Virginia Custody Process in Circuit Court (Divorce Court)

Typically, divorcing parents get court orders for custody, parenting time and child support in their Circuit Court divorce case.

Alternatively, they can choose to handle those issues in Juvenile and Domestic Relations District Court (J&DR) separately from the divorce. Parents often do this when they can't agree on how to handle custody during the separation period required for a no-fault divorce.

If you're taking the Circuit Court route, follow the steps below. At any point in the process, you can agree with the other parent to settle your case.

Ideally, you should hire a lawyer to help you through the entire process. If you can't afford a lawyer, you may be eligible for free or low-cost legal assistance.

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Step 1: Separating

If you're filing a fault-based divorce, skip this step.

To file a no-fault divorce, parents must first live apart for one year. (If neither parent can move out, it's possible to prove separation while living under the same roof.)

Parents must prove the date they separated, and the plaintiff (whoever opens the case) must provide a corroborating witness to verify the date and other facts. Decide now who to ask — someone who's known you and your spouse since before the separation and has firsthand knowledge of it.

Experts recommend creating a separation agreement to manage custody, parenting time, child support and other issues throughout the separation period. Once the year is up, parents can submit the agreement to Circuit Court to file for an uncontested divorce.

Step 2: Filing your case

File your case in your local Circuit Court.

You can file a fault-based divorce (with evidence of the fault) at any time. For a no-fault divorce, the soonest you can file is one year and a day after your documented separation date.

If you can't agree with the other parent on custody and parenting time for the duration of your case, include a motion for temporary orders.

Formally notify the other parent that you've opened a case by serving them copies of your initial paperwork. They have 21 days to file a response with the court.

If the other parent files a response that disagrees with your requests, your case is contested. Continue with the steps below.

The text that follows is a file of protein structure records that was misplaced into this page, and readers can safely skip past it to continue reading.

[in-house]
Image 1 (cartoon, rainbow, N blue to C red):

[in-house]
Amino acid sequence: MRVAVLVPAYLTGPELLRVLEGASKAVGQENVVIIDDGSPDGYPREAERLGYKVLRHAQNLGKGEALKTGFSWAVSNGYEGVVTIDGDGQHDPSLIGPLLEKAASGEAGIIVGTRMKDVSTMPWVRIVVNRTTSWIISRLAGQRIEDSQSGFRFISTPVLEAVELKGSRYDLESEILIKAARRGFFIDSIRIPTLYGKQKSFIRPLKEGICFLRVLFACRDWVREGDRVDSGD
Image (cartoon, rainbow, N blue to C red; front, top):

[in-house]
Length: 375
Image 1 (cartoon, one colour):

If your case is uncontested, move on to the settlement process.

Step 3: Discovery (continues throughout)

Typically lasting months, discovery is a legal process in which parents exchange personal information and the evidence they're preparing for trial. Discovery continues until the final weeks before trial.

Parents must share financial documents, all evidence and a list of witnesses.

You may have your attorney depose the other parent's witnesses (question them under oath for the court record), and the other parent's attorney can depose your witnesses. Parents who don't have an attorney can conduct depositions themselves.

Failure to comply with your court's discovery requirements or the other parent's requests can delay your case and be considered contempt of court.

Step 4: Parent education seminar

All parents in contested custody cases must complete an education seminar before the end of their case. Take it early on so you don't run into problems.

The seminar covers co-parenting, dispute resolution and how separation affects children. Take the four-hour class in person or online from an approved provider, and submit proof of completion to the court. You don't have to attend with the other parent.

Possible: Motion hearings

The court may hold hearings to order evaluations, to appoint a guardian ad litem (GAL) who represents children in court, or to address other motions filed by parents.

If either parent files a motion for temporary custody, the court holds a hearing early on that's sometimes called a pendente lite hearing. There, both parents present arguments and evidence, and the judge issues temporary orders that the parents must follow until the case has final orders.